Boomkat Product Review:
First release of Éliane Radigue’s spellbinding 1980 live session for the Bay Area’s KPFA radio, including what she considers to be the best versions of’ Chry-ptus’ and parts to ’Tryptych’
Featuring full in-studio performances of ‘Chry-ptus’ and the world premiere of parts one and three of ‘Tryptych’, both remastered for posterity and optimal immersion, ’11 Dec 80’ is a most auspicious example of Radigue’s minimalist microtonal compositions for synth and tape. The recording hails to a time when Radigue’s music was the preserve of academic archives, with her only properly released recording to date ‘Vice - Versa, Etc…’ (1970) available on a self-released edition of 10 x Reel-to-Reel tapes, and three years before ‘Songs of Milarepa’ (1983) appeared on Lovely Music, Ltd., although she had makign personal recordings since the ‘60s, such as ‘Jouet électronique’, that would only emerge many decades down the line.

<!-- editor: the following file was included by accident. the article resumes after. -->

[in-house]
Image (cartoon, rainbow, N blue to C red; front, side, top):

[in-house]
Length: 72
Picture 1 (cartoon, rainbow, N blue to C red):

While nowadays she works exclusively with acoustic instruments, back in 1980, as on these recordings, Radigue was still eking out thee eeriest, introspective liminal spaces from an ARP 2500 synth and tape, keenly developing the tape feedback techniques that she honed during years working as Pierre Henry’s assistant at Studio Apsome, and later in the NYU studio she shared with Laurie Spiegel. By 1980, she had also become fascinated by Tibetan Buddhism, which would directly inspire the creation of ‘Adnos II’ (1979), and subsequently ‘Adnos III’ as well as ‘Songs of Milarepa’ the same year as this radio performance.
For KPFA, Radigue gave what she now considers to be one of her finest realisations of ‘Chry-Ptus’, with 24 minutes of pulsing microtones arcing practically imperceptibly, incrementally across the harmonic spectrum and calling to mind an abandoned space station humming a tone poem to itself. Likewise, the 63’ performance of ‘Tryptych’ depicts Radigue in masterful control of her machine, initially evoking a calming loneliness from elemental filter manipulation and purling bass, before the near-static centring of part II’s quivering harmonic partials play like light-spot hallucinations on the mind’s eye, and part III pulses and rings like intergalactic alien signals.